Looking for a multi-year contract after an injury-riddled 2010-11 campaign, restricted free agent Josh Gorges had to settle for a one year $2.5 million contract with the Montreal Canadiens this off-season. Gorges missed 46 games last year with a knee injury that prevented him from playing. Gorges had originally tore up his right knee during his last season with the Kelowna Rockets of the WHL and had hoped to postpone the surgery until his retirement.
Despite what Gorges says, the surgery was the best thing that could happen to him and the Canadiens, as Gorges has been far more efficient this season for the Canadiens on a depleted defensive corps that saw four of his key veterans miss some time with injuries (Andrei Markov (knee), Jaroslav Spacek (upper-body), Chris Campoli (hamstring) and Hal Gill (infection)). Currently paired with offensive-minded defenseman P.K. Subban, Gorges has been the calming veteran presence that Jacques Martin needs to keep his team afloat.
The Canadiens are currently using four rookies on their blue line, winning two of their last three games (two shutouts) with Frederic St-Denis (3), Yannick Weber (69), Raphael Diaz (20) and Alexei Emelin (12) combining for only 104 games in the NHL. That’s not a small feat, especially against the red-hot New York Rangers on Saturday.
With a 9-8-3 record for 21 points after 20 games, they are only one point back from the eight seed occupied by the Ottawa Senators in the Eastern Conference, and Josh Gorges has been a key cog to the Habs 6-3-1 record in the last ten games.
Through 20 games, Gorges leads the Canadiens defensemen with one goal (a game-winner in Phoenix) and seven assists for eight points. The 27-old defenseman is on pace for a career-high of 33 points, ten more than his previous record (23 points in 2008-09). Gorges is also ranked 12th in the NHL with an impressive +10 +/- differential. The second best Habs player is Travis Moen at +6. The Kelowna, B.C., native also has 24 hits and seven takeaways this season. But the most important and impressive for Gorges is that he is currently second in the whole league with 52 blocked shots, seven behind the NHL leader Ladislav Smid of the Edmonton Oilers.
Gorges is averaging 21:42 minutes of play per game this season, which is second on the team only behind P.K. Subban’s 23:47 time on the ice per game, and despite playing far less than some defensemen, Gorges is averaging 30.6 shifts per game for the Canadiens, which is good for eight in the NHL. Gorges is also ranked 13th among rearguards with 3:48 time on ice per game on the penalty kill which is eight seconds more per game than penalty-killing specialist Hal Gill. All of Gorges’ points have come at even strength as he’s barely used on the power play averaging a mere seven seconds of PP time per game!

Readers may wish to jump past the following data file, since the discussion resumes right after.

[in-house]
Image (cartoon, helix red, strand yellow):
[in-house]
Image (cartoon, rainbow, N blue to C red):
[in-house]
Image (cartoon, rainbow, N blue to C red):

Acquired from the San Jose Sharks along with a first round pick (Max Pacioretty) in exchange for veteran Craig Rivet, Gorges has turned into one of the most undervalued and underrated blueliner in the league thanks to a great work ethics and serious off-season training. When he arrived in Montreal, Gorges was often a healthy scratch and played only sporadically when dressed. Now, Gorges has been given the task of shutting down the top players in the league on a nightly basis with great success.
The problem is that this situation might turn out to be a major problem for GM Pierre Gauthier, as he has painted himself into a corner by giving him a one-year deal, preferring to brittle veteran Andrei Markov to an expensive three-year contract. One has to wonder if Gauthier will have enough money to retain Gorges’ services since he needs to re-sign RFAs P.K. Subban and Carey Price who will both hit the jackpot signing long-term contracts. Now, the Canadiens’ general manager needs to “think outside the box” and start negotiating with this important man right now. Every game he plays, every solid mistake free shift he takes, he gets a little more expensive. And with both veterans Hal Gill and Jaroslav Spacek slated to become unrestricted free agents at season’s end, Gorges’ experience and leadership will be even more so important for the Bleu Blanc Rouge’s long-term plans.
Fred is a freelance sports write and translator, as well as a featured Montreal Canadiens blogger on http://hockeyindependent.com/blog/ and a baseball columnist on http://www.dobberbaseball.com/. Fred also joined HabsAddict.com in time for the 2011-12 season.
About the Author: Working as a freelance sports writer and translator, Fred, 33, graduated from Laval University in Quebec City, earning a bachelor of translation in 2002. An avid fan of the Northeast division teams, he's also a long time fan of the Washington Capitals and the Montreal Canadiens. Fred also speaks fluently French and Spanish. http://twitter.com/FredPoulin98 www.traductions-quebec.com